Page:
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How to Prepare for Virtual Interviews

Interviews for professional school are the culmination of years of preparation and represent an important step in your journey toward becoming a healthcare professional.

Throughout the Courage Sessions, we’ve learned about how the admissions process has been affected by COVID-19.  A key change since COVID-19 is the implementation of virtual interviews across the TMDSAS schools. While preparing for an interview used to consist of practicing questions, finding comfortable shoes for walking tours, and taking good notes, the migration to a virtual environment requires you to take some additional considerations.

We've collected the following advice from the AAMC's “Prep for Success in Your Virtual Interview” presentation, the "Zoom Interview Tips for Medical & Dental School Applicants" by Mr. Caleb Marsh from Temple University, the AAMC's "Virtual Interviews: Tips for Medical Applicants" document, and feedback from the dental, medical, and veterinary member institutions.


How Are Interviews the Same?

Typically, in-person interviews would consist of a full day of presentations from the schools’ dean, admissions officers, and student services along with a tour that culminates in either two or more interviews or MMI (Multiple Mini Interview) stations. Some schools may also offer additional activities or opportunities where you could interact with current students and ask questions about their experience.

It’s widely known that the interview starts from the moment you step foot on campus, and ends when you leave at the end of the day. Hosting an interview day takes a robust group of people at the school, including but not limited to:

  • Interview coordinators
  • Admissions deans and staff
  • Faculty Interviewers
  • Deans of the school
  • Current students
  • Anyone you encounter at the school

At the end of the day, the schools need to know that they engage with applicants in meaningful ways to ensure that they are a good fit for the mission of the institution. This extends both ways as you are also making note of whether you believe the school would be a good fit for you.


How Are Virtual Interviews Different?

While the principles of the interview day remain the same, there are some key differences you need to know about as interviews have moved to virtual platforms.

Live vs. Asynchronous Interviews

Depending on the school, some interview days may continue to be provided live each time. This means that presentations and interviews are all taking place at the same time with everyone involved. Other schools may have pre-recorded presentations that you can watch on-demand in preparation for your interview. Some schools may opt to use the AAMC’s VITA (Virtual Interview Tool for Admissions), which are asynchronous meaning that you record your responses to interview questions.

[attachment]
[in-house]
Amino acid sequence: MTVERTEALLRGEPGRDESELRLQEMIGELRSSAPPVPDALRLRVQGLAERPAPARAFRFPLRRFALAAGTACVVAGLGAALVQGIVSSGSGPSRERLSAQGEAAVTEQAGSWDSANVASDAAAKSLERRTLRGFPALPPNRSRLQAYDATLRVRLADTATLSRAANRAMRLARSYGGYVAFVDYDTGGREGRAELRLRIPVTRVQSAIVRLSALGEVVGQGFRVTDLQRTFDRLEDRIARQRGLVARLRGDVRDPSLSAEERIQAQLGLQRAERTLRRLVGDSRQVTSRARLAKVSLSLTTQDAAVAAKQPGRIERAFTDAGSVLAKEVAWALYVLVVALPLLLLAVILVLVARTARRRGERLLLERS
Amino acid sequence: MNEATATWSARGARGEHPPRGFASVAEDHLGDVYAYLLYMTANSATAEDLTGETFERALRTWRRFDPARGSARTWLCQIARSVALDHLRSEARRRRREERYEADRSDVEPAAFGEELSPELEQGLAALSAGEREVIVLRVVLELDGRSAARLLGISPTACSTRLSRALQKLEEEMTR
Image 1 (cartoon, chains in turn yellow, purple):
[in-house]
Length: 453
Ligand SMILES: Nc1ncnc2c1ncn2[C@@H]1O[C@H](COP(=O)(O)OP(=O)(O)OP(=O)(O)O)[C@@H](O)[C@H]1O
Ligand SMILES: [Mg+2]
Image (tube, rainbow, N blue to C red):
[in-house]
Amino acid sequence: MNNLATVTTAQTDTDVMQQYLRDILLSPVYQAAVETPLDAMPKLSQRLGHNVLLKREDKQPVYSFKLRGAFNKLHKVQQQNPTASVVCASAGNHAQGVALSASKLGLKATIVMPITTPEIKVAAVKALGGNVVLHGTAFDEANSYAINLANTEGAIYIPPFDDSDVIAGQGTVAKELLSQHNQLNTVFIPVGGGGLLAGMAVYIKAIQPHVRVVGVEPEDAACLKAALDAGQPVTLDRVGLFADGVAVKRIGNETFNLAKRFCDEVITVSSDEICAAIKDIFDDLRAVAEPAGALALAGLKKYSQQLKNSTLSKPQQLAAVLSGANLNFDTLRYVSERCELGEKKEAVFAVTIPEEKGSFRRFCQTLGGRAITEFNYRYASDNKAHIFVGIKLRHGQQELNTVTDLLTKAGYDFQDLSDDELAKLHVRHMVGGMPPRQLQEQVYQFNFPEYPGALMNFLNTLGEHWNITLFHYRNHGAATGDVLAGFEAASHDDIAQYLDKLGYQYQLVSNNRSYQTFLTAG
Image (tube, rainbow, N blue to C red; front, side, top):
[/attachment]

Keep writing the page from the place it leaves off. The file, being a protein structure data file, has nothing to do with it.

Follow instructions provided by each institution when you are invited for an interview. Don’t make any assumptions about the interview process based on what you may have experienced or heard. If you have any questions or concerns, it’s best to ask the school directly.

Considerations for Applicants

You’ve spent years preparing to get to this point; you are there thanks to your achievements and support from faculty, family, friends, and everyone who has ever rooted you on throughout your journey. Make sure that you put your best foot forward throughout the interview.

As you move forward into the virtual interviews, it’s important to keep in mind that the interviews begin from the time you log on until you sign off at the end of the interview day. Some schools may have breaks throughout the day where students can interact with each other, but you should note that you are still at an interview.

Unfortunately, we often hear stories about students who “throw away” their interviews. If you have no interest in attending a certain school, please make sure to withdraw your application as that interview opportunity could be granted to someone else in the applicant pool.


(Virtual Interview Tool for Admissions)

Some medical schools have opted to use the AAMC’s Virtual Interview Tool for Admissions, or VITA, as the virtual interview platform. Applicants will have to answer six interview questions that are categorized as personal experiences, past behavior, or situational. These questions are similar to what you may have been preparing to answer, though you will have to record your responses.

Through VITA, there is no human interviewer on the other end. You receive text prompts and record a video or audio response. You will have one minute to read and reflect on the response and then three minutes to record your response. You have the opportunity to record one question or all six in one single session as long as you complete it by the deadline set by the school.

You are most likely to encounter the VITA in out-of-state medical schools. For more information, visit the VITA page on the AAMC website.

How the Admissions Committee Prepares

Admissions committees undergo significant training in mitigating implicit biases in the selection process. Many schools will go further to keeping their interviewers “blind” to certain aspects of the application such as which school you attend or your admission test score/GPA.